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FDA lifts clinical hold on Sanofi’s haemophilia drug

Phase II and III trials of fitusiran can now resume

French pharma company Sanofi

A major obstacle facing Sanofi and Alnylam’s haemophilia therapy fitusiran has been removed, after the FDA lifted a clinical hold imposed on the programme in September.

The RNA interference drug, which targets antithrombin (AT), can now resume phase II and III trials in patients with haemophilia A and B without inhibitors, which were suspended after one patient in an open-label phase II trial with haemophilia A suffered a fatal blood clot.

The two companies developed a plan to mitigate the risk of thrombosis in other patients and submitted it to the FDA for consideration, including the use of reduced doses of replacement factor or bypassing agent to treat breakthrough bleeding, which was accepted by the US regulator last month.

The resumption of the ATLAS pivotal trials is a boost to Sanofi – which highlighted the drug in its R&D day last week, saying it had the potential to be of use to 140,000 patients in its licensed territories – but particularly for Alnylam which has seen its RNAi platform come under scrutiny in recent months.

The company recently abandoned one of its gene-silencing drugs – revusiran for the rare disease hereditary ATTR amyloidosis with cardiomyopathy – although its new lead program patisiran for ATTR plus polyneuropathy remains on track and hit its targets in a phase III trial reported in September – and according to some analysts seems to have outperformed a rival therapy from Ionis Pharma.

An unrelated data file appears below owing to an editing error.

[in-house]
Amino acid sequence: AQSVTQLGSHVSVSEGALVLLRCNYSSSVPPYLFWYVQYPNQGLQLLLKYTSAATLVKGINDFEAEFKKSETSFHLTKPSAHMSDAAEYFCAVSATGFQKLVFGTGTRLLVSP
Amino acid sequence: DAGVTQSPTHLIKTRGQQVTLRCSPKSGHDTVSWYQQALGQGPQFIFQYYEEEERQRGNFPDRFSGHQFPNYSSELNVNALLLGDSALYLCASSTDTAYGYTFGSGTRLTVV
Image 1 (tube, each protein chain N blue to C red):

Patisiran – also partnered with Sanofi as part of a longstanding collaboration between the two companies – was filed with the FDA last week and is due to be submitted in Europe early next year. Under the terms of that alliance the two companies will jointly commercialise fitusiran in the US, Canada and Western Europe, while Sanofi will hold exclusive rights to the drug in the rest of the world.

“Fitusiran holds the potential to help improve the lives of people living with haemophilia,” said Akin Akinc, who is leading the development of the drug at Alnylam.

“With the additional risk mitigation measures in place, we look forward to the continued late-stage development of fitusiran and expect to resume dosing around year-end.”

If approved, fitusiran will launch into a market already addressed in part by Roche’s Hemlibra (emicizumab-kxwh) which was approved by the FDA last month to prevent or reduce bleeding episodes in patients with haemophilia A who have developed inhibitors. Hemlibra has been tipped to become a $1.5bn product by some analysts.

Article by
Phil Taylor

18th December 2017

From: Research

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